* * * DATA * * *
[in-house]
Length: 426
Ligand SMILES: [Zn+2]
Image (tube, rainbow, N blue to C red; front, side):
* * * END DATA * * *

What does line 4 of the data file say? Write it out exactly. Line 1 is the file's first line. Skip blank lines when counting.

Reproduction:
Image (tube, rainbow, N blue to C red; front, side):